See, this is the hipster mindset at work. You complain that other browsers don't have features that Opera has, which is fair enough. Then they add those features, and you complain that they "copied them", and refuse to accept the improvement.
Everyone rips off everyone else and you know it. IE7 was a blatant point-for-point copy of Firefox. Everyone and their mother has ripped off Firebug for their developer toolset. Firefox and IE swiped Chrome's minimalist interface (though I turned it off back in FF4, so I can't honestly say if it still looks that way). Firefox went for Chrome's stupid 6-week release cycle (though Jetpack came of that, and Jetpack is awesome). If I were to go back, I'm willing to bet that I can find features in Opera that other browsers had first - so what?
Windows 8 finally added ISO mounting. OMG, how dare they rip off Linux??!
Opera's rendering engine being killed off in favour of Google's
Webkit belongs to Google now? When the fuck did that happen? Last I checked, Apple spun it off from KHTML.
* And no, Nets^h^h^h^h Firefox is not worth mentioning, too many people have been burned there.
If by "burned" you mean "have enjoyed a consistently accurate rendering engine".
I don't mind Opera using Webkit, so long as they don't use whatever buggy-as-hell bleeding-edge version Chrome uses. I'll keep using Gecko though.
Richard Dawkins comes across as an arrogant asshole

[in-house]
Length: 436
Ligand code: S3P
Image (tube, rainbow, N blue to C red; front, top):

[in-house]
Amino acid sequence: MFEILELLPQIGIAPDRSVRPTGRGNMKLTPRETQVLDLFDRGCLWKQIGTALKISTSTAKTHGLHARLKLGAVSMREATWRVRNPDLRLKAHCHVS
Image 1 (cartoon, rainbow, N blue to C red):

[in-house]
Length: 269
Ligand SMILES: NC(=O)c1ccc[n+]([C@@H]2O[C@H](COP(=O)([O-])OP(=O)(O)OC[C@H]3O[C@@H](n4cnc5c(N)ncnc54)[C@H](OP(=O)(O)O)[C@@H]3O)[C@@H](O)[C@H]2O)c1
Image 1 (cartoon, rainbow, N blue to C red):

It's possible for a man to be arrogant and correct.
Not until it's tested in court. Getting a Trademark doesn't really seal the right until it's actually tested and tried under the rigours of a Judge.
Then given the requirement for them to protect the trademark, they are forced to take this current action, right? Who they went after doesn't matter (except to you lot, who I guarantee wouldn't be bleating so much if this wasn't a little indie guy). The principle is the same.
The laughably small amount of research I've done suggests that it is in fact a registered trademark of GW's. Doesn't trademark law require them to make good efforts to protect the mark?
Boom, here you go
Christ, you'd think all the people banging on about this could at least run a search...
If they actually have a trademark on "Space Marine" (did the article address this?) then surely they also have a point? I mean, for all the talk of rip-offs in this thread, GW themselves have been ripped off before. *Cough* Warcraft *Hack*
What a surprise, a web-designer suggesting a site should be redesigned.
Surely updating your site's interface to use CSS properly (which isn't necessarily the same as redesigning it) is much less effort than creating and support multi-platform apps?
I'm prototyping an RWD version of our website at the minute, and despite having barely any styling yet, it matches the layout of the original well enough that at first glance it looks like the same site - until you try to view it in a browser that isn't a fullscreen desktop app.
So I'm not the only one who thinks that RWD is another good (if slightly obvious) idea surrounded by bullshit terminology and a design luvvie circlejerk?